“All along I knew these people had it all wrong and they would let us go after questioning us,” Kiamba says. I requested if I could call my boss at work, I was given a minute to inform my boss I wouldn’t be returning to work soon.”

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Around 5.30 pm, the Deputy OCS came for Kiamba so he could write a statement. Kiamba told the Deputy OCS that, at the time of the murder, he was living with his sister in Dagoretti, and working in Nairobi’s CBD. 

“I gave the Deputy OCS alibis that will check out. I’m waiting for the cop to say, ‘This was a mistake’, but he takes me back to the cell. This was our first time in a police cell.”

“Throughout the night I’m thinking that this is not possible. That when I wake up in the morning, I am going to work.”

Uglier surprises awaited the brothers come morning. When counting the prisoners, a cop told them that, because they were murder suspects, they would be State guests for 14 days.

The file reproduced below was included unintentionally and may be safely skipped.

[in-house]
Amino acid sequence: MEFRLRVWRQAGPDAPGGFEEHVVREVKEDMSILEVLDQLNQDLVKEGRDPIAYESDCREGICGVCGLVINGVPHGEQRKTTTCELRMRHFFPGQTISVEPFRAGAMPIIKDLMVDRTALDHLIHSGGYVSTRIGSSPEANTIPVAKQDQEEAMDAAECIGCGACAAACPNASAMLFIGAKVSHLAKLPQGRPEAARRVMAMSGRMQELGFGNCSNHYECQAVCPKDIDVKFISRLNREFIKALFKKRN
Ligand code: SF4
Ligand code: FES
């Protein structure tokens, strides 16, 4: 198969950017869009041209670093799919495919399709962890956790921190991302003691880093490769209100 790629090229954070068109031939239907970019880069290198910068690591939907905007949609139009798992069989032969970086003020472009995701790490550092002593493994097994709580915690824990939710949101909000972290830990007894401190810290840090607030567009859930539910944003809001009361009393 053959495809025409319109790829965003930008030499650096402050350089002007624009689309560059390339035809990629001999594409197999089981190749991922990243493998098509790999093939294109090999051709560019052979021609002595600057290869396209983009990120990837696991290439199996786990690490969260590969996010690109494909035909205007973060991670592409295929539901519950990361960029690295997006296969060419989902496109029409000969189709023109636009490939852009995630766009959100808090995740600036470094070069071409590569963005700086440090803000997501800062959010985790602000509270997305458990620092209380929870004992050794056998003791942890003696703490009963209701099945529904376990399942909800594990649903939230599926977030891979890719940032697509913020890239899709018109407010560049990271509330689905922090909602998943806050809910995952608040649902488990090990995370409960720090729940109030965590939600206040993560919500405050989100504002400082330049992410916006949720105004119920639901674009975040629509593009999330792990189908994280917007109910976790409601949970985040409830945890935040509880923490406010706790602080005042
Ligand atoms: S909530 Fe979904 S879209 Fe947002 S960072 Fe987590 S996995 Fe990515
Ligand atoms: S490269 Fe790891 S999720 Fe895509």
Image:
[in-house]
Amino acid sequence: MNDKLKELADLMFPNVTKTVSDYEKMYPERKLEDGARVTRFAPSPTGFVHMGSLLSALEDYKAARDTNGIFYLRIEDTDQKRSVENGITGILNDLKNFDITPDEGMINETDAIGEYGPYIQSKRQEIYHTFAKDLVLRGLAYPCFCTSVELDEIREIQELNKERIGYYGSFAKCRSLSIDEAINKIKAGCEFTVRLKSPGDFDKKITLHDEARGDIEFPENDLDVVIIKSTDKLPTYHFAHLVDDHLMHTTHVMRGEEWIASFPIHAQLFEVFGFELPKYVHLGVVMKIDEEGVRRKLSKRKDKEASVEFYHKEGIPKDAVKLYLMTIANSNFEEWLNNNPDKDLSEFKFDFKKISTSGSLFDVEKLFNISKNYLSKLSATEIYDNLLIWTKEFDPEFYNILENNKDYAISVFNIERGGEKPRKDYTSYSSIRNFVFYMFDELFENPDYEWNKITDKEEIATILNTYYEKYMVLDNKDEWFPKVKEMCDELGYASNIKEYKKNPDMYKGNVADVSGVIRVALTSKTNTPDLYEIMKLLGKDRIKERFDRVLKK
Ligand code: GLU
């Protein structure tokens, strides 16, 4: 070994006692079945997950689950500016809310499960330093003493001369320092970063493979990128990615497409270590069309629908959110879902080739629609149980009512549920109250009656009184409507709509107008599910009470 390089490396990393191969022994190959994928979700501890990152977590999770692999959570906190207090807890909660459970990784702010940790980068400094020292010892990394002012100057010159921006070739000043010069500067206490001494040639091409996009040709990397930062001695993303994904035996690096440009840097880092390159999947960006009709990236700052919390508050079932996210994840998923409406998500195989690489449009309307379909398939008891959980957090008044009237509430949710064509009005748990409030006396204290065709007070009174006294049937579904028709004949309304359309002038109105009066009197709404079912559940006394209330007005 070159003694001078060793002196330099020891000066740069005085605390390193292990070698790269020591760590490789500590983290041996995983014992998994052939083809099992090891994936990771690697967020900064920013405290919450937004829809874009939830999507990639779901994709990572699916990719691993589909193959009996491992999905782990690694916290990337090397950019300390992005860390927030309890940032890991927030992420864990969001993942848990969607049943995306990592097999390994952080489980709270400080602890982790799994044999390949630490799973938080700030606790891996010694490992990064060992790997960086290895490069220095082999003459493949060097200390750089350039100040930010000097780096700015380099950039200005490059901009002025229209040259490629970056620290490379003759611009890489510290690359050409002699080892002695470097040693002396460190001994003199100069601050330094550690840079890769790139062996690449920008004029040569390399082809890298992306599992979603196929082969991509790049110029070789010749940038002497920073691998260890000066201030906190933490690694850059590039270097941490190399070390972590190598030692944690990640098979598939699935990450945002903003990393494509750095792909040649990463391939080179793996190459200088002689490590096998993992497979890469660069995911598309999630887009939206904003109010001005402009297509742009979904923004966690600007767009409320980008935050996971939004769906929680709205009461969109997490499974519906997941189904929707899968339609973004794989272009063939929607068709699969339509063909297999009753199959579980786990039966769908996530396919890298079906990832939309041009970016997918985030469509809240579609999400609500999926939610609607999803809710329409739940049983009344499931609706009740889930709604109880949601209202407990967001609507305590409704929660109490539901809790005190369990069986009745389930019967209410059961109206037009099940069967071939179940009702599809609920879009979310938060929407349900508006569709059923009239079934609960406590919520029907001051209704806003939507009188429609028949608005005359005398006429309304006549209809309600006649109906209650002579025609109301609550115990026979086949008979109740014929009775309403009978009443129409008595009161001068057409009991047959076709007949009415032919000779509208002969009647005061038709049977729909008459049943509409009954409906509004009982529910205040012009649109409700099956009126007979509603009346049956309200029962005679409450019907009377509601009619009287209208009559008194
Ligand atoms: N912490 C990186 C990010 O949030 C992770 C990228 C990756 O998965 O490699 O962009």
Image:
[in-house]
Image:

Kiamba’s relatives, friends and neighbours were equally shocked. They flocked the cop shop. They could not understand. They knew the brothers for over 20 years. And they could vouch for their innocence. 

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Their lawyer gave them hope. He said it was a big misunderstanding, which would soon be sorted out.

They later learnt that there was a third accused person, Mwanzia. Mwanzia was about 19 years old, semi-illiterate, and didn’t know his rights. Allegedly, days before the brothers’ arrest, cops had beaten Mwanzia to within an inch of his life. Then he was let go in the evening and told to return to the station the following day. On his return, he was taken to an office, and ordered to sign an already prepared statement. Or else? The cops would give him a worse beating.